Tax Reform Act Of 1986

DEFINITION of 'Tax Reform Act Of 1986'

A law passed by the United States Congress to simplify the income tax code. The Tax Reform Act of 1986, commonly referred to as the second of two Reagan tax cuts, lowered the top tax rate from 50% to 28% and raised the bottom tax rate from 11% to 15%. This was the first time in U.S. income tax history that the top tax rate was lowered and the bottom rate was increased at the same time. The act also mandated that capital gains would be taxed at the same rate as ordinary income.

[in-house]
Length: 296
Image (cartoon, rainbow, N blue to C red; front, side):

BREAKING DOWN 'Tax Reform Act Of 1986'

In addition to altering the tax brackets, the Tax Reform Act of 1986 eliminated certain tax shelters: It required people claiming children as dependents to provide Social Security numbers for each child on their tax returns, it expanded the Alternative Minimum Tax and increased the Home Mortgage Interest Deduction to incentivize homeownership. The bill was sponsored by Richard Gephardt (D-MO) in the House of Representatives and Bill Bradley (D-NJ) in the Senate.